Read 180 now incorporates the comprehensive foundational literacy skills scope and sequence from System 44.
Richland School District is a small public school district serving approximately 10,700 students in Washington State. In 2009, the district’s student body was largely White (82%), while most of the remaining students were Hispanic (9%), Asian/Pacific Islander (5%), African American (3%), and American Indian (1%). Nearly a third of students (30%) qualified for free or reduced-price lunch, 12% were students with disabilities, and 2% were classified as Transitional Bilingual.
In the fall of 2009, 20 students in Grades 9–12 were identified for placement into System 44. Students were selected for inclusion in the program based on a combination of factors including low performance on the Northwest Evaluation Association Measures of Academic Progress (MAP®) assessment, Reading Inventory®, and Phonics Inventory®. System 44 was implemented in two high schools. In one high school, it was integrated into an existing READ 180® program for 100 to 110 minutes each day. In the other high school, System 44 was used in two Life Skills classrooms serving students with physical and cognitive impairments. In the Life Skills classrooms, a 50- to 55-minute stand-alone version was used. In all classrooms, students were expected to use the System 44 software for 20 minutes each day. For the purposes of this study, both models were analyzed together.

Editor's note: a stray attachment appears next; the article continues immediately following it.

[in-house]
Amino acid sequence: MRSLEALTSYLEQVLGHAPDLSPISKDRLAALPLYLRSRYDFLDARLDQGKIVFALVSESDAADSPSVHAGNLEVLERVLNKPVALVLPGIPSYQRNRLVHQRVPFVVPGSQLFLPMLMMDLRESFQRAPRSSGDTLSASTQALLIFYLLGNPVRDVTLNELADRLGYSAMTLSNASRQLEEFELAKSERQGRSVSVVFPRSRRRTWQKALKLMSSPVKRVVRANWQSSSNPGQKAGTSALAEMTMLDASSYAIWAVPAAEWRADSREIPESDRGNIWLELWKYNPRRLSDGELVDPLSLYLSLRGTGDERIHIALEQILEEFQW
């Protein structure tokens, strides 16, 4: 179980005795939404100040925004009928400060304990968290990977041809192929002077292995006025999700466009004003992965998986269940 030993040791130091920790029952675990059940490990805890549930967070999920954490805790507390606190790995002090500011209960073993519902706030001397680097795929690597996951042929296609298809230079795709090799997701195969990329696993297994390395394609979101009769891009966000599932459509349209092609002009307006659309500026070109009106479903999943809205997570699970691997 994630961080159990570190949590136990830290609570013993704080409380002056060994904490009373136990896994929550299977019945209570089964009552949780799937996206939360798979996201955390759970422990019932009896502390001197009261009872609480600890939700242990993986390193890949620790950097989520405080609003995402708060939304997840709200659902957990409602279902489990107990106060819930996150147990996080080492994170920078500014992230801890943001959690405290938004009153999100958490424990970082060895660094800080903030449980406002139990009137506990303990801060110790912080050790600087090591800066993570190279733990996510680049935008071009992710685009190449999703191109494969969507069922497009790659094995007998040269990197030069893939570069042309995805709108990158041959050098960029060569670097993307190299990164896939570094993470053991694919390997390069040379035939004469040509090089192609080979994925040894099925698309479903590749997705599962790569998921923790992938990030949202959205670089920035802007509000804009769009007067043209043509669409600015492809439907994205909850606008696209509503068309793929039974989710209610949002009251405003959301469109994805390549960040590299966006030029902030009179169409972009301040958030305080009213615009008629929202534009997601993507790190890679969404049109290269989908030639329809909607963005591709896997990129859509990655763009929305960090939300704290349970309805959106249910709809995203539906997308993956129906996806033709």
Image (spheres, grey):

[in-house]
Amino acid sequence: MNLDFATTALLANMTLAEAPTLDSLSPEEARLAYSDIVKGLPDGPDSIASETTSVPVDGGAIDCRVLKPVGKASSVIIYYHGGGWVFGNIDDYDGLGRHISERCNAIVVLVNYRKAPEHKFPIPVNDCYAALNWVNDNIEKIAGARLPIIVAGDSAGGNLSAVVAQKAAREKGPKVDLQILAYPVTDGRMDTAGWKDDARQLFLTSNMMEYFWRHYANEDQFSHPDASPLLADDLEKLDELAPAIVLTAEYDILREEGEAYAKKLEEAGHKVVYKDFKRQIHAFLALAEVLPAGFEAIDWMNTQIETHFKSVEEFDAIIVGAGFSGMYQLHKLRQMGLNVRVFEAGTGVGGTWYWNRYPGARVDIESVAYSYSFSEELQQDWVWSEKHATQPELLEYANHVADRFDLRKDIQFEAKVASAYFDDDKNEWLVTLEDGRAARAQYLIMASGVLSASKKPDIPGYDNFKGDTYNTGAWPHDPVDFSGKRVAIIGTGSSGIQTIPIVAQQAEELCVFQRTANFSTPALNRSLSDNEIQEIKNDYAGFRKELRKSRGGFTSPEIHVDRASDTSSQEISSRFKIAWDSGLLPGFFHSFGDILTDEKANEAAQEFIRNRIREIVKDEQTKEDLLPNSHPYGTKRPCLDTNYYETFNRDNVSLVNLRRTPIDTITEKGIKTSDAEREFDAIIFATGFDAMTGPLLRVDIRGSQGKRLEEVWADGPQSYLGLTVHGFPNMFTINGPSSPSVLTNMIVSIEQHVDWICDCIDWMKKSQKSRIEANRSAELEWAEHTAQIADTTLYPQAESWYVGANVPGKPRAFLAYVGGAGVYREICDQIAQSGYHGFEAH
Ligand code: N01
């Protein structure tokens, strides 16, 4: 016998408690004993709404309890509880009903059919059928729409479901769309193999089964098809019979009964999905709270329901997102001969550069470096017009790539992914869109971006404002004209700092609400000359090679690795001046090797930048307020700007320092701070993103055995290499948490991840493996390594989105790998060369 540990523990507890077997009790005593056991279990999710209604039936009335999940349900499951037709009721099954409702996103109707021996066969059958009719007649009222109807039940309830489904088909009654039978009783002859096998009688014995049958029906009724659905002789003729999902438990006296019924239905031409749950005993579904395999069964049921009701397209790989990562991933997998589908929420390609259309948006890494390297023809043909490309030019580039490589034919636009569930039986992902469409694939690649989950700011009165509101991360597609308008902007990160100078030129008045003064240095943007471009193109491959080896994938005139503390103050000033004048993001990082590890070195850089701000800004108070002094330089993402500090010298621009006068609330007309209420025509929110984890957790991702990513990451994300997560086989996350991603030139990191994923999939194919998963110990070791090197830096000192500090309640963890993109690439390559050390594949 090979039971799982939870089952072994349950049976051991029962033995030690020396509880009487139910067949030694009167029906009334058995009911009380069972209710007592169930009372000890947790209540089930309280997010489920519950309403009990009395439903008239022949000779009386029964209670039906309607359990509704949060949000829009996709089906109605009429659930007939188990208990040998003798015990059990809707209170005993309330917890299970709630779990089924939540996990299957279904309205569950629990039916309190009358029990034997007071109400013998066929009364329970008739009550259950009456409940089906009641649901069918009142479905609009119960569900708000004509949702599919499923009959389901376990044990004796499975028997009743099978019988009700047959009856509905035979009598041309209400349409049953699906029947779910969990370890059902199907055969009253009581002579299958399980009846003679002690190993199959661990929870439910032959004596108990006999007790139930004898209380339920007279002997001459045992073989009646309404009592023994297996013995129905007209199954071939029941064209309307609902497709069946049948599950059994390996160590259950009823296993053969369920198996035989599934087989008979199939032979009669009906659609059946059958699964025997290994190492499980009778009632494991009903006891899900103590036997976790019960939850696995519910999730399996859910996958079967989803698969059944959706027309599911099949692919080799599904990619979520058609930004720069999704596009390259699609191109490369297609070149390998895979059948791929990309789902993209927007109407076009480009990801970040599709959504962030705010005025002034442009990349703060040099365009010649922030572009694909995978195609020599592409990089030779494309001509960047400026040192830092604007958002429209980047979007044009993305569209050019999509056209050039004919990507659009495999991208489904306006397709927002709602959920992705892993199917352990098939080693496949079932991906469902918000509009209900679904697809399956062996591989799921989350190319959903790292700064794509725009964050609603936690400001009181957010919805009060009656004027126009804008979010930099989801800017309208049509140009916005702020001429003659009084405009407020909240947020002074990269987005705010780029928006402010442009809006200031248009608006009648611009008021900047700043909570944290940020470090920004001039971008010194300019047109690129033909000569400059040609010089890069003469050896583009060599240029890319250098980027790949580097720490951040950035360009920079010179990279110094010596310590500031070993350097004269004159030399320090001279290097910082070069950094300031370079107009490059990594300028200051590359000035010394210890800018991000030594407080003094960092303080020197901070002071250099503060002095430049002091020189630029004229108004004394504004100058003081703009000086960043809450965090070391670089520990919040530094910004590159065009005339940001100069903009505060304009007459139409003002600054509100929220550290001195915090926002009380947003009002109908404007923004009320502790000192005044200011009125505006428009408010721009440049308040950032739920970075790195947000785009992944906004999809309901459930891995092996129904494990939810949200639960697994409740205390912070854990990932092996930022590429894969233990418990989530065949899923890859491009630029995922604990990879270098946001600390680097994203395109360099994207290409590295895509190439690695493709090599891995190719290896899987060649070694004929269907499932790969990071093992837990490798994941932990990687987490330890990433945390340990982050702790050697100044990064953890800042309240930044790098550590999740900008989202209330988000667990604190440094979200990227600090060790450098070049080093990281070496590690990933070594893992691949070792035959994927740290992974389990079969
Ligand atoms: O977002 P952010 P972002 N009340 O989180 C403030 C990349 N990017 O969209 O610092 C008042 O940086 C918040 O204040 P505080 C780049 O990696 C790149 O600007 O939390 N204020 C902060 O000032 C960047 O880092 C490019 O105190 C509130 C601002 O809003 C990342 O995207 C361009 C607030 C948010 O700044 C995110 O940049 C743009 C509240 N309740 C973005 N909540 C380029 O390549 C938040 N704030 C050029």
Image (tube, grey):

High school students with physical and mental challenges benefit from System 44.
In order to measure the impact of System 44 on student achievement, fall 2009 and spring 2010 Reading Inventory Lexile® (L) data were gathered for the System 44 students. Findings revealed that, on average, students improved from a pretest score of 204L to a posttest score of 319L, a statistically significant gain of 115L (Graph 1).